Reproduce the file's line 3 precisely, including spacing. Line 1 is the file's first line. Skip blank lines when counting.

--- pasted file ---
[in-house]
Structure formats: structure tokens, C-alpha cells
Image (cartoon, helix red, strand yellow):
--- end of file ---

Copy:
Image (cartoon, helix red, strand yellow):